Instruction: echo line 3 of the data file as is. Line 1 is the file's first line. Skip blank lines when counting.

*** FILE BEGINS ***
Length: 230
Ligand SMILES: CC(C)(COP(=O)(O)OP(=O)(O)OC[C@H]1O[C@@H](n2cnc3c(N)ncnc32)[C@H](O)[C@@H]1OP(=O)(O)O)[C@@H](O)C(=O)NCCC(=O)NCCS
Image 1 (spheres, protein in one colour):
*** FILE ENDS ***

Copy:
Image 1 (spheres, protein in one colour):